Megan Warren, from Beaulieu Gardens, St Leonards, was among the first drivers stopped during Sussex Police’s crackdown on drink and drug-driving this winter.
An officer saw her vehicle hit a kerb on The Ridge, Hastings, at 1am on December 1 last year. She then swerved across the road towards his own police vehicle, blocking the carriageway, a spokesperson for Sussex Police said.
The officer noted the nurse was “calm but giggly” and smelled of alcohol. In custody she gave a breath test for 76 micrograms of alcohol per 100 millilitres of breath. The UK drink-drive limit is 35 micrograms of alcohol per 100 millilitres of breath.
Warren appeared before Hastings Magistrates’ Court on January 5. She admitted drink-driving and was disqualified from driving for 17 months. She was also ordered to pay a £350 fine, £85 costs and a £35 victim surcharge.
Richard Davis, 19, a labourer, from Scutes Close, Hastings, also admitted drink-driving when he appeared at Hastings Magistrates’ Court on January 5.
Officers on Hastings seafront saw his vehicle turn into Robertson Street without headlights on at 3.15am on December 4. He apologised to officers for his driving and told them he had pints of beer earlier in the evening, and only wanted to move his car to prevent getting a parking ticket, a spokesperson for Sussex Police said. In custody he gave a breath sample of 54mcg of alcohol per 100ml of breath. He was disqualified from driving for one year and was fined £300, with £85 costs and a £34 victim surcharge.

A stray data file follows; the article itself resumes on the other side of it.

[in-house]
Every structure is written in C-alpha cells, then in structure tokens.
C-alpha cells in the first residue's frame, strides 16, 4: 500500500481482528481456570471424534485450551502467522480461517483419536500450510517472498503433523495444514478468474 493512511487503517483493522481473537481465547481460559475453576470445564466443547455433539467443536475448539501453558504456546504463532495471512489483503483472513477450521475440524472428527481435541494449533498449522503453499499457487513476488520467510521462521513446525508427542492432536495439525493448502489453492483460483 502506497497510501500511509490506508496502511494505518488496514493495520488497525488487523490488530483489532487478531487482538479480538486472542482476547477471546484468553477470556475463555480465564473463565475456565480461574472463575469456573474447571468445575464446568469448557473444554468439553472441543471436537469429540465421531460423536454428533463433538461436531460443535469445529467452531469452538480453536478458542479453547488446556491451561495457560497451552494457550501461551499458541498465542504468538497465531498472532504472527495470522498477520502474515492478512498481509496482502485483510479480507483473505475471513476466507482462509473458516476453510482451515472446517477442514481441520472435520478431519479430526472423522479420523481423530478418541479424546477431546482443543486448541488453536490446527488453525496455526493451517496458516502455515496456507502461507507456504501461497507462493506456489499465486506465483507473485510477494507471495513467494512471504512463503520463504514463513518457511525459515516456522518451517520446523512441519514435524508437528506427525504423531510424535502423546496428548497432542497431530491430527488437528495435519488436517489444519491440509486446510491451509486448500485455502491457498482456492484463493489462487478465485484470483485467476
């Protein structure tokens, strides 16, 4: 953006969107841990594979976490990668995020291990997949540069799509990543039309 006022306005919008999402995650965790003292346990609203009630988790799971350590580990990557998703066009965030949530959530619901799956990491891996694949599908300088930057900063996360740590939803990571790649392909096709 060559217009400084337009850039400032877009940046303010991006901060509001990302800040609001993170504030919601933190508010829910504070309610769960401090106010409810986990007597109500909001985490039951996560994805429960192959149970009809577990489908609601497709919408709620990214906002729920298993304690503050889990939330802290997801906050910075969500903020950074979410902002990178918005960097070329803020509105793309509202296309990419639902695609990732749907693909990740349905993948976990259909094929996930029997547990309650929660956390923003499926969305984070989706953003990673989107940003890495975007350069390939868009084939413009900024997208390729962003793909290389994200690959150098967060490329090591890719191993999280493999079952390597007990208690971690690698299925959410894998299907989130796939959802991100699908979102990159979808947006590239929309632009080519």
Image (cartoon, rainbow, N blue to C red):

Sussex Police made 257 arrests during the drink and drug-driving campaign from December 1 last year to January 1 this year. A spokesperson for the force said: “The aim is to raise awareness that driving under the influence of alcohol or drugs is one of the major reasons why people are killed or seriously injured on our roads. Of the arrests, 58 were made as a result of officers attending reports of road traffic collisions. In keeping with previous campaigns, the details of those who are convicted in court are to be publicised on the Sussex Police website and social media channels as a deterrent to stop offenders.”
Chief Inspector Michael Hodder, from the Surrey and Sussex Roads Policing Unit (RPU) said: “Although most road users are conscientious and law-abiding citizens, there is a stubborn minority of people who refuse to comply with the law. Not only is this putting their own lives at risk, but also other innocent people’s lives as well. These people may think that nothing bad is going to happen to them, but in reality even a small amount of alcohol or drugs can impair your judgement and seriously increase the risk of you injuring or killing yourself or someone else.”